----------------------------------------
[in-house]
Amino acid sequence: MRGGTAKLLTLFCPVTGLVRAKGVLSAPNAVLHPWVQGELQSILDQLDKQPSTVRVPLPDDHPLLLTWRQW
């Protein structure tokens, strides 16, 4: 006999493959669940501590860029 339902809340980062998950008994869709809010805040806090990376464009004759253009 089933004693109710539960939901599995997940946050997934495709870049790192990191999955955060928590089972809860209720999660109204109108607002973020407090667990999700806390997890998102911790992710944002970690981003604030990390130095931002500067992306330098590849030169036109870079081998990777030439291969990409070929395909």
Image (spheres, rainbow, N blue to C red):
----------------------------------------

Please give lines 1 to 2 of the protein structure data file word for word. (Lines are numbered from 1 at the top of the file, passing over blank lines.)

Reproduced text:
[in-house]
Amino acid sequence: MRGGTAKLLTLFCPVTGLVRAKGVLSAPNAVLHPWVQGELQSILDQLDKQPSTVRVPLPDDHPLLLTWRQW